Connie Fillmore Bazzy

Connie Fillmore Bazzy
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A Visit With Dr. Catherine Ponder about Connie Fillmore Bazzy

Connie Fillmore
Connie Fillmore

The first time I ever saw Connie Fillmore Bazzy, she was speaking at a convention, saying all the things I needed and wanted to hear. Furthermore, she looked like a million dollars in a very chic suit, with contemporary hair styling and make up.

A young friend sitting next to me said, "Who is that pretty girl?" I replied, "That pretty girl just happens to be the President of Unity School." My friend gasped. "How could someone so young and attractive head a global organization?" I replied, "She is the great granddaughter of the founders of this organization, so she has the genes for it. She also has impressive educational credentials and Unity experience that would boggle the mind."

Here are some of them: For starters, she grew up at Unity Village, was valedictorian of her graduating class at Lee's Summit High School, attended Wellesley College in Wellesley, Massachusetts, and Pomona College in Claremont, California. There she received a bachelor's degree in psychology and graduated with honors. She later graduated from Unity's ministerial program and received ordination. She then studied business at Rockhurst College and counseling at the University of Missouri, both in Kansas City. Since that time, her accomplishments for Unity School have been almost too numerous to list here.

However, among her crowning achievements was the organizing, planning, and implementing of the Silent Unity Building Project, which resulted in its new much-needed building and the $14 million dollars raised to dedicate it at Unity's Centennial Celebration.

After that convention, I did not have the opportunity to visit privately with Connie until we attended the Unity World Conference in England some time later. She allowed me to relate how I had found Unity — or Unity had found me.

When I was pre-school in the early 1930s, my active little mother was ordered to bed by her doctor. He told my father that mother would never be able to take care of the house and three small children again, because of her health problems. Less than 5 feet tall, she never weighed 100 pounds.

My father was frantic. He worked for a power plant. One day he heard that an electrical engineer was coming to inspect it. My father operated a switch board on which he could pull a lever that could cut off the power simultaneously in two states. His duties at running that plant were varied and many. When the electrical engineer arrived, my father started explaining that switch board to him. Suddenly the engineer said, "Oh I recognize this switch board. I designed it." My father then replied, "In that case I have a few questions for you." And so they gradually got acquainted.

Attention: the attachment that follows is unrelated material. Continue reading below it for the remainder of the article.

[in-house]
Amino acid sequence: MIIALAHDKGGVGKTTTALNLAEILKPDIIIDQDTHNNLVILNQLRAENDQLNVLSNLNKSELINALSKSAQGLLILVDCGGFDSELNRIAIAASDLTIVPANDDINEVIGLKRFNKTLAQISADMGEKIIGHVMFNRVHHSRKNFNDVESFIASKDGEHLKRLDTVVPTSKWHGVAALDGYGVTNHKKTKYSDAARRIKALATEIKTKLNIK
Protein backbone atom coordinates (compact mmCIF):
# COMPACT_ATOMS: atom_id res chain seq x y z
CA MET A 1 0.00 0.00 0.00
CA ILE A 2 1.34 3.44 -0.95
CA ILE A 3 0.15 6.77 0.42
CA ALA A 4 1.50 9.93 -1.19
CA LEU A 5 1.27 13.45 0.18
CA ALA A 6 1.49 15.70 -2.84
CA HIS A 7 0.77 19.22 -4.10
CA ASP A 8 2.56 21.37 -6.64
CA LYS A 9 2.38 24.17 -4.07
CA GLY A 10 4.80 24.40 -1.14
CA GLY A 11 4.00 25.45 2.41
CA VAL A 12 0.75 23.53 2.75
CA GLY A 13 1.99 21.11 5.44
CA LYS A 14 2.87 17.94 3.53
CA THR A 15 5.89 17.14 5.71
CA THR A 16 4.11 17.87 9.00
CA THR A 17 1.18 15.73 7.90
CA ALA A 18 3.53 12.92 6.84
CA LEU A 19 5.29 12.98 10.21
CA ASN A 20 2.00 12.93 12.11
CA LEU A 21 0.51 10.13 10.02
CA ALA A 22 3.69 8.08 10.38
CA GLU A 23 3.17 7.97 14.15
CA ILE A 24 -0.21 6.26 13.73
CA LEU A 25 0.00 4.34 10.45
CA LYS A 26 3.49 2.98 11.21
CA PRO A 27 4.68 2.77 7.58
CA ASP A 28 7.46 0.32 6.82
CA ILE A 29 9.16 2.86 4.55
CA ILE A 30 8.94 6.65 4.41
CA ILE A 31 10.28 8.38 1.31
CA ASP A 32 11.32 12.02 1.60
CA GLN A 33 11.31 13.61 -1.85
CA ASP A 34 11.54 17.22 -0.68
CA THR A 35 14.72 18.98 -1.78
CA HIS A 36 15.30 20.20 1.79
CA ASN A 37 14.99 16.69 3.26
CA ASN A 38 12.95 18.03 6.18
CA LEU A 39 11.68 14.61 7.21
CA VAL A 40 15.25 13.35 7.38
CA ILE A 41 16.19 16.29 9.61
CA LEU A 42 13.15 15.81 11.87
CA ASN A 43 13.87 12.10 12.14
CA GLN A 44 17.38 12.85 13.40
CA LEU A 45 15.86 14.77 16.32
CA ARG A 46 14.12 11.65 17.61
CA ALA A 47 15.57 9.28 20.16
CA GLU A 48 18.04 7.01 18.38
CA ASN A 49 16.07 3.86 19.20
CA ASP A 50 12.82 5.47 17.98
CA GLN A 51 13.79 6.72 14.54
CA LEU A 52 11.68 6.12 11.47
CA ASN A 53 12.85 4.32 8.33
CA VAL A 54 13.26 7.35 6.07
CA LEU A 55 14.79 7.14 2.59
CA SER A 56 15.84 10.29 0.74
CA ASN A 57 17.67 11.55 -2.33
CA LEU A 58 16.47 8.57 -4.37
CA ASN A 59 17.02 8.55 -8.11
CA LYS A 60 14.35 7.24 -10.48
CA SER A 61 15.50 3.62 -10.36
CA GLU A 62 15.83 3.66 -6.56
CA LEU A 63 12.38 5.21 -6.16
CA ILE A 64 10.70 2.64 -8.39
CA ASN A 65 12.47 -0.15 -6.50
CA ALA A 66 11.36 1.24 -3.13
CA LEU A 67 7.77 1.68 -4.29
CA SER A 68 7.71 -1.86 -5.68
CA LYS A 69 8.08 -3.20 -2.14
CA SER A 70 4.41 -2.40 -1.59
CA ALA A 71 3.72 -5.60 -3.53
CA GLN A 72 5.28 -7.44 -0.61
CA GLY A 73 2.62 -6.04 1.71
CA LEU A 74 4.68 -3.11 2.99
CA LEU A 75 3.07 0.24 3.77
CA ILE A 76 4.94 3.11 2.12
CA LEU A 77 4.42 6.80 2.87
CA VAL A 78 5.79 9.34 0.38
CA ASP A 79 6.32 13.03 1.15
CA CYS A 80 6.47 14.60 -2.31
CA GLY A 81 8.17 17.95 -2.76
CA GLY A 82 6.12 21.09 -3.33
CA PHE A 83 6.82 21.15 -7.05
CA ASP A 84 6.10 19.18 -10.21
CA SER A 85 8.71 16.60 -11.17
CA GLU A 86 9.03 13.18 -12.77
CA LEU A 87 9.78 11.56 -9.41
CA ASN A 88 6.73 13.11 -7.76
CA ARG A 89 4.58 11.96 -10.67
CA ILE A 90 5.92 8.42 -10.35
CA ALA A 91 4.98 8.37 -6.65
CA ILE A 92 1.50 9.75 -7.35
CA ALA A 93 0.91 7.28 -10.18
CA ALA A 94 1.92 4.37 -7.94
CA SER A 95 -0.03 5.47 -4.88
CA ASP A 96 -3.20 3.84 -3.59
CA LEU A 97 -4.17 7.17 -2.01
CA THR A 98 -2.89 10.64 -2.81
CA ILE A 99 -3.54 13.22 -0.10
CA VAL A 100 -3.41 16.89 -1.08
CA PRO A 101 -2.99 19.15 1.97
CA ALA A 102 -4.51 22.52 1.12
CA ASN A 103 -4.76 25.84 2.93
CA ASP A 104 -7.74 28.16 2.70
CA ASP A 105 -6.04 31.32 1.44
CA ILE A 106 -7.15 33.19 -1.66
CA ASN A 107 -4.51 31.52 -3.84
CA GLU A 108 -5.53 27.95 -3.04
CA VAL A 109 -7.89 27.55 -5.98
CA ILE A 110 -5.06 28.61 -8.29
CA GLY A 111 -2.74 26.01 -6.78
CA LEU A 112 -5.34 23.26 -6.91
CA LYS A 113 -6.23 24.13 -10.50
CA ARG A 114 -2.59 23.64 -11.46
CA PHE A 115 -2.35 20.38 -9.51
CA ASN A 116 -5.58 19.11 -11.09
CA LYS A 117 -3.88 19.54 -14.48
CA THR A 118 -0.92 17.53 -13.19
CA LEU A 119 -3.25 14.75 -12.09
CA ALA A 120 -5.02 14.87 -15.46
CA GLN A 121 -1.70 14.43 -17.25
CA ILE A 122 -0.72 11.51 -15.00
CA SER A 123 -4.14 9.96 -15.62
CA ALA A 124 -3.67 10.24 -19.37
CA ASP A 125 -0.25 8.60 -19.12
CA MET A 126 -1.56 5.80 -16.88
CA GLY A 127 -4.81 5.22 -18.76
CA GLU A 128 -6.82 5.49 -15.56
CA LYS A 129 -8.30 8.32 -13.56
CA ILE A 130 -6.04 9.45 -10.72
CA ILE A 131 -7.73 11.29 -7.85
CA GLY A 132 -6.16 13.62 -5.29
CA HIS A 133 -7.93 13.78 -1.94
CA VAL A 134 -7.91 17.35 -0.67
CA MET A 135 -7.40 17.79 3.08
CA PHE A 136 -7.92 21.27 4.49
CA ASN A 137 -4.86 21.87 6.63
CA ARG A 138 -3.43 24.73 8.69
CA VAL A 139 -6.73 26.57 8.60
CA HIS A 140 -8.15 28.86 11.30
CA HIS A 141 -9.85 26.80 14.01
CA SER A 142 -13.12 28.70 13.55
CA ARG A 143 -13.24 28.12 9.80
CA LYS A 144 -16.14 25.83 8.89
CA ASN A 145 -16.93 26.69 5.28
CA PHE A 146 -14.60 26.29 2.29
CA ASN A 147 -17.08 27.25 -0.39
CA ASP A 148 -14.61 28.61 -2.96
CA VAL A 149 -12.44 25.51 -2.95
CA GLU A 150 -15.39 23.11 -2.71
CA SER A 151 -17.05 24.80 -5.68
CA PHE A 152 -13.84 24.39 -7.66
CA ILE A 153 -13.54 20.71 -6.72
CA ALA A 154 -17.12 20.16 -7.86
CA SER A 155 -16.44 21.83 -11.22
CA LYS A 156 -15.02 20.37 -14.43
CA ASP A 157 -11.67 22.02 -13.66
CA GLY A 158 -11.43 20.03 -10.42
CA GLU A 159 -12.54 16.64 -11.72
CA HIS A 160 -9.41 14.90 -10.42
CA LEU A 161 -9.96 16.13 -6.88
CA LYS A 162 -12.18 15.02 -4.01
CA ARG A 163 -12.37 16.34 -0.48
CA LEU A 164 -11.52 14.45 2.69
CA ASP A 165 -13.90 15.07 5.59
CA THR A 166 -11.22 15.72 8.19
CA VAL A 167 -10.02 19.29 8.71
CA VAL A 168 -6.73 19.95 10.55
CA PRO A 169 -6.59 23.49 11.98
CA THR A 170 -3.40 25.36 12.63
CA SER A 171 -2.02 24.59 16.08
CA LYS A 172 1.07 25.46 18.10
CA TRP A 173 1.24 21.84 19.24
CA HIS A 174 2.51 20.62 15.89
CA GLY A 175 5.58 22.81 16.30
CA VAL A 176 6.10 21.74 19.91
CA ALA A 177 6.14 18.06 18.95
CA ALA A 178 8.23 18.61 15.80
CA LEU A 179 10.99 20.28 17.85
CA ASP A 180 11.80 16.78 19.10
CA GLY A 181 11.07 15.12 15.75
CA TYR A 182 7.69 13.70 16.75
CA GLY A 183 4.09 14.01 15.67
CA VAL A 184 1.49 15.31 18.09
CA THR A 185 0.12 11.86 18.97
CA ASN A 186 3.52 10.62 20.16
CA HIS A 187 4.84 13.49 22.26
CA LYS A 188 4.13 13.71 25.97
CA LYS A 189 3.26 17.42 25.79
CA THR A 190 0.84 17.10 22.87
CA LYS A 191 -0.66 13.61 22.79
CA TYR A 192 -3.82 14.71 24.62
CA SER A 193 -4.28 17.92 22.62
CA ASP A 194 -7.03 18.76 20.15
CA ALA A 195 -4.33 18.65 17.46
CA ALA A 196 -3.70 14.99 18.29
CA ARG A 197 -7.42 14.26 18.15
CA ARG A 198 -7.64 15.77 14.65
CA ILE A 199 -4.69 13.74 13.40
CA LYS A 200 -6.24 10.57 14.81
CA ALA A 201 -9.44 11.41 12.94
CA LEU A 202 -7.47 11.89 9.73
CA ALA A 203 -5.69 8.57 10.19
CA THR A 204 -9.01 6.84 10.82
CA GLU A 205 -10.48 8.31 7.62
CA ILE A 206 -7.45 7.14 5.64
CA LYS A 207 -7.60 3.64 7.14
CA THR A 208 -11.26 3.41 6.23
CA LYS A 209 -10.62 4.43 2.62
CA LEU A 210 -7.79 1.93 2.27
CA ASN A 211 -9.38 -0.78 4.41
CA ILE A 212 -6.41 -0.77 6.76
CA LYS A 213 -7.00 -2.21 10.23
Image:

Finally, in my father's distress, he told his visitor about mother's condition and his plight of what to do about three small pre-school age children to care for, plus his work. His visitor seemed unimpressed. Instead, he said, "I have a mother who is a healer in California. I will contact her to pray for your wife's health." He added, "Also there is a group in Kansas City, Missouri that prays for people all over the world with remarkable results."

My father said "But I'm Presbyterian." "That doesn't matter; these people are nondenominational." The engineer then pulled a rolled-up Unity Magazine out of his hip pocket and handed it to my father. "You can either write these people for prayers for your wife or you can telephone them for help. You'll find information about them in this magazine under the name Silent Unity."

I don't know whether my father wrote or called Silent Unity. But I do know that in a few days my mother was up and about again. Soon thereafter she was back to her normal routine. To my knowledge, my mother was never seriously ill again. That happened in the early 1930s, and she lived until 1988, passing on quietly in her sleep at home with no forewarning.

In the intervening years, she helped raise three children, ran the house, worked in her flower and vegetable gardens, and did extensive church and community work. She often visited the convalescent homes of those days, taking hot food and home-grown flowers to shut-ins. And she served as President of our school's PTA off and on for 25 years. During that time she helped to get a hot lunch program started and a gymnasium built.

So much for the prayers of Silent Unity, and so much for the mystical figure who just happened to inspect an electrical plant in Eastern North Carolina in the early 1930s that knew about Unity. My father never saw him again.

Mother became an avid reader of Unity magazine, feeling it had contributed to her healing. In later years she left Unity literature planted around our house, thinking my father needed it. Instead I was the one to finally pick up a piece and became fascinated with its teachings. "The rest is history."

Connie has now served 20 years as leader of Unity School. She recently turned over her duties to Tom Zender, a former corporate and non-profit executive who also happens to be a seasoned Unity Student.

This means that the fourth generation of the founding Fillmore family has now served as President of Unity School. The distinction is that she is the first woman in that family to serve in that special capacity.


(Excerpt from New Thought Magazine - Spring 2004)

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